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Two Companies Cope With Storage And Transfer Of Large Files

Increasingly large, unstructured data files are inundating corporate data centers storage capacity and WAN connections. For companies that are using more and more videos, photographs and graphics, file sizes are naturally expected to grow, but in a recent Network Computing State of Storage survey [registration required], the majority of respondents said storage growth was 10-24 percent year over year. All of this contributes to the ongoing saga of what to do with this burgeoning data as

Increasingly large, unstructured data files are inundating corporate data centers storage capacity and WAN connections. For companies that are using more and more videos, photographs and graphics, file sizes are naturally expected to grow, but in a recent Network Computing State of Storage survey [registration required], the majority of respondents said storage growth was 10-24 percent year over year. All of this contributes to the ongoing saga of what to do with this burgeoning data as it meets up with internal storage repositories and communications bandwidths that were designed for smaller files of day-to-day transaction processing, not for large data payloads.

The dilemma is two-fold for organizations: coming up with enough bandwidth so you can optimize large file transfer at rates that are acceptable for the business  and potentially redesigning storage schemes to accommodate a growing population of large files.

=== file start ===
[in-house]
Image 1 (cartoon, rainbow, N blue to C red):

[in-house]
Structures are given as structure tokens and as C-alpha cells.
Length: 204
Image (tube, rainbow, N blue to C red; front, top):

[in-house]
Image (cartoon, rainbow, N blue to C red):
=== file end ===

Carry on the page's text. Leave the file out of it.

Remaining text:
stateofstorage.pngDave Lunemann, client services manager at Fiber Utilities Group,  a private network outsourcing management company with over 8,000 miles of fiber optic network, says "Years ago, the thought of a private network was not as earth-shattering as it is today. This is because so many companies now are Internet-dependent for their wide area network (WAN) needs."

That tide is starting to turn, however, with large enterprises and companies whose main business focus is in the large files of data that they work with. "Large enterprises have highly demanding quality of service (QoS), security, latency and redundancy needs," said Lunemann. "This is what is making them return to private networks that don't subject them to bandwidth constraints from standard Internet."

The results can be impressive. The response time on a fiber optic private network allows a customer in Utah to see a bank in Iowa as a local presence, and this is good for business. A west coast genome research operation can transmit a very large file to its east coast collaborator securely and quickly, without wasting scientists' time. A multi-state healthcare company can deftly transfer MRIs and x-rays, optimizing patient care.

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